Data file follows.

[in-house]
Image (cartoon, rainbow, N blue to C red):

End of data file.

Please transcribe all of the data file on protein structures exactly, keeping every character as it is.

[in-house]
Image (cartoon, rainbow, N blue to C red):